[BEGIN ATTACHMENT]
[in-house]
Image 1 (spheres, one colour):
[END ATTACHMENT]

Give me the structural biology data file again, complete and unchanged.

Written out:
[in-house]
Image 1 (spheres, one colour):